View across the Outer Harbour of Stornoway

Tuesday, 13 November 2012

Tuesday 13 November

A bit milder than in recent times, as we manage double figures. It was a day of changeable fortunes, but with some nice spells of sunshine. November is set to continue in much the same fashion over the next few days. No complaints this end.

Fuel prices remain at the forefront of local politics. A pump, only a few hundred yards from my position, has dropped its prices by about 10p a litre since the wholesalers announced that island retailers could buy where they wanted; previously, they had been locked into five-year contracts, which attracted the ire of local residents. I do not drive myself, but when I go on the bus, the fuel prices do affect me indirectly, through fare increases.

82 years after being abandoned by its permanent residents, St Kilda has attracted an award for conservation of architectural heritage. The houses in Village Street quicly fell into disrepair, but were restored later. In spite of its stunning landscapes, St Kilda does not hold much attraction for me, as I hold it to be dead.


Low tide
The bar stretches
across the entrance to the basin
a rapid outflow the sole break

An old engine
now just a lump of rust
with a few floats

Dirty mud with stones
empty shells
gulls squawking

A squirt of water
other inhabited shells
try not to stand out

Six hours later
Only water
All else aforementioned?
Under 17 feet of water

Journalistic accountability

As we (in the UK) know by now, there have been major changes in personnel at the BBC. This was brought about because the Newsnight programme did not do proper journalistic checks before broadcasting a programme that appears to have been defamatory.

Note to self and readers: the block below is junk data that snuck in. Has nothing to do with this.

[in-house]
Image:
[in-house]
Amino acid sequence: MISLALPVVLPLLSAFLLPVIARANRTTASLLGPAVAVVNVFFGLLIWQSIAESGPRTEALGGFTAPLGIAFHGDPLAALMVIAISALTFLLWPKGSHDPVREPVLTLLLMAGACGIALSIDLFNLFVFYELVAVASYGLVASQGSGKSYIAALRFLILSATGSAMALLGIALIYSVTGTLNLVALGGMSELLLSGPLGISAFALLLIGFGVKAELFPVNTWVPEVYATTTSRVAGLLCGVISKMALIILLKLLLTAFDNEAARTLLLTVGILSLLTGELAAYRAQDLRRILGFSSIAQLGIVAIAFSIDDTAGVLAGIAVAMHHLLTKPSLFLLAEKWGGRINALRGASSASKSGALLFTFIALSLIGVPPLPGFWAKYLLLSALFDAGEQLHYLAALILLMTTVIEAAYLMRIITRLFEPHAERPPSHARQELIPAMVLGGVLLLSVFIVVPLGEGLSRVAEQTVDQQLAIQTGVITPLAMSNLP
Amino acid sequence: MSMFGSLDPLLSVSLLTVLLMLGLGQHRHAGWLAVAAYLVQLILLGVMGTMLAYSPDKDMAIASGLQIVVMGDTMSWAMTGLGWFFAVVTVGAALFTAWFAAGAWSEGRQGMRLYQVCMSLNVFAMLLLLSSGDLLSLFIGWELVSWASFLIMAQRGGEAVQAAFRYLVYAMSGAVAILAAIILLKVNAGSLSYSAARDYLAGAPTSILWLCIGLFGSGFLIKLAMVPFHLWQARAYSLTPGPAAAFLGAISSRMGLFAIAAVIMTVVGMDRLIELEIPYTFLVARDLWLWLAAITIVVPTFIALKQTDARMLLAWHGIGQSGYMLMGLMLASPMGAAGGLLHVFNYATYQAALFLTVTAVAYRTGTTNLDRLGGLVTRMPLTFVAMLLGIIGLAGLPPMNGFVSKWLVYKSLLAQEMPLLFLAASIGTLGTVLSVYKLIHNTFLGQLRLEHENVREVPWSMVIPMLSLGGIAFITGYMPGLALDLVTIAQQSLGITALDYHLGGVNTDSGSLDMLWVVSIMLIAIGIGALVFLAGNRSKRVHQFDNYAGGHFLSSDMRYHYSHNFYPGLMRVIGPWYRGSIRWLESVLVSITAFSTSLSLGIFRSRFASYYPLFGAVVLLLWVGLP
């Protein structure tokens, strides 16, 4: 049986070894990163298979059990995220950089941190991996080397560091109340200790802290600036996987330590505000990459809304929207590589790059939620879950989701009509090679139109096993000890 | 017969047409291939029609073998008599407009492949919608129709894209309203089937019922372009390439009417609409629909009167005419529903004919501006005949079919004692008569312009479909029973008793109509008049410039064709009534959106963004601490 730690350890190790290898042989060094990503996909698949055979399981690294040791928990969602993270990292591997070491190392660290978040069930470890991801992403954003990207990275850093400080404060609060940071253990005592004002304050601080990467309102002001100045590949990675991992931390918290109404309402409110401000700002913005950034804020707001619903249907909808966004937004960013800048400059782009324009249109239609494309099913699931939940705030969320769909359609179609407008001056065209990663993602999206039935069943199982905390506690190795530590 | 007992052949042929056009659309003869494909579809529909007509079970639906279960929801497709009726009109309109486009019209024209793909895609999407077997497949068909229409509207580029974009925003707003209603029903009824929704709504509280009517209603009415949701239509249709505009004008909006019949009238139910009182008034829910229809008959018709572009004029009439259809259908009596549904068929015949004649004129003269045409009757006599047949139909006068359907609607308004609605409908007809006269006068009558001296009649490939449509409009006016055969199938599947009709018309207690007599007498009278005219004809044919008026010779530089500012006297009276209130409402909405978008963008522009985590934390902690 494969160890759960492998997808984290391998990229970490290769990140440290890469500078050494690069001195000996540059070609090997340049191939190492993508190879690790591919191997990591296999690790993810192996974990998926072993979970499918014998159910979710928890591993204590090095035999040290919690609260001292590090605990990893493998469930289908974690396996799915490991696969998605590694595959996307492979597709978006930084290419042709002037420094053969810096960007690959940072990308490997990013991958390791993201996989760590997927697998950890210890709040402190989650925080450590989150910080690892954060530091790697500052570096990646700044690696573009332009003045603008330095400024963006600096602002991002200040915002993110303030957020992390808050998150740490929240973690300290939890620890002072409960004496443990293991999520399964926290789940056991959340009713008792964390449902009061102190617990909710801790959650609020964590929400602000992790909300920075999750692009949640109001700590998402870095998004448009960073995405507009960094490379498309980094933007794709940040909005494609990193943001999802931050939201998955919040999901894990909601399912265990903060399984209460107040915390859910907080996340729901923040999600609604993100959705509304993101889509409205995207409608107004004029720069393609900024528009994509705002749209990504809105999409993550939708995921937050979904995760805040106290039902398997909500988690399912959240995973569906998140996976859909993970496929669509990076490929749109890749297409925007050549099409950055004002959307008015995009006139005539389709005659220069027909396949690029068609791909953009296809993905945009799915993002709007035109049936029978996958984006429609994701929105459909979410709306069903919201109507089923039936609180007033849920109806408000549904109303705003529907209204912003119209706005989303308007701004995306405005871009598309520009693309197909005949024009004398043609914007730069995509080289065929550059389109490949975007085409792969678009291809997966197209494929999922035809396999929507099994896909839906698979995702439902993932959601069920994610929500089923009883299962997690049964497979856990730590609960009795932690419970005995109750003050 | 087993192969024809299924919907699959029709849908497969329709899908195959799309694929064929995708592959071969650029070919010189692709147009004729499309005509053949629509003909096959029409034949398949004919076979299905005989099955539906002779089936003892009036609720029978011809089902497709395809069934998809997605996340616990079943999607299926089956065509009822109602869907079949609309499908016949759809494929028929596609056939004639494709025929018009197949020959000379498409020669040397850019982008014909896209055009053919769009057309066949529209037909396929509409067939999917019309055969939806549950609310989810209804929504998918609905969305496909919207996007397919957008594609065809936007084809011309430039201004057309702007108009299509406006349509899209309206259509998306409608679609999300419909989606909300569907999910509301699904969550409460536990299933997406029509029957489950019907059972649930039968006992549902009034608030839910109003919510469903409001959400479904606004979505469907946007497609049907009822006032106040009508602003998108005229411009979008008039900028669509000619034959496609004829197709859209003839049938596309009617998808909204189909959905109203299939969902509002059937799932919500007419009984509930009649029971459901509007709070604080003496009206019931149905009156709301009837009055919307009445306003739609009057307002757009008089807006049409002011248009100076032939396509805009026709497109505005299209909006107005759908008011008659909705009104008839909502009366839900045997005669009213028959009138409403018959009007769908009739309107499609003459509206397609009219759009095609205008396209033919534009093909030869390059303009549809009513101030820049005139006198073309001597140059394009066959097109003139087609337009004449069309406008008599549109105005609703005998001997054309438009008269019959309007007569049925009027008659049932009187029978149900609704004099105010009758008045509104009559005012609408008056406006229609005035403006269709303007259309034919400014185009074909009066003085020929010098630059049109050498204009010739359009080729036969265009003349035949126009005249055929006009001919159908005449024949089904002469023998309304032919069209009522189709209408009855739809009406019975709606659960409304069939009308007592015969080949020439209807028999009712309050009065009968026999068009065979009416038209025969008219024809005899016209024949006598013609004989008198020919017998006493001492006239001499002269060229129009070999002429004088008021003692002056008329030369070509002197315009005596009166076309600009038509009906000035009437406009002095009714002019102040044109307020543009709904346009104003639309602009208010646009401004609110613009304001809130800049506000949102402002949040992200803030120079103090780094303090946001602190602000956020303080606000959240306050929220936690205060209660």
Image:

Well, of course when you're a journalist, you have to check and countercheck. However, why didn't that numbskull Philip Schofield, of ITV1 fame, not do his checks on the card with names that he handed David Cameron the other day? More to the point, what is he still doing on that featherweight This morning programme? Names were (allegedly) legible on the card for a second, as it was passed by Schofield to the prime minister. These names were culled off the Internet, where rumours were flying aplenty about the name of the former Tory aide who is alleged to have abused boys at (or from) the Bryn Estyn home at Wrexham, North Wales. Off the Internet, the greatest rumour box on earth? If heads are rolling at the BBC, then we should also see (metaphorically speaking) the heads of Philip Schofield (and his team at This morning) impaled on the gates of ITV HQ.


Along the water's edge
Stepping on tall legs
Looking for
a meal





Lazily, the heron
flies off to its
in the treetops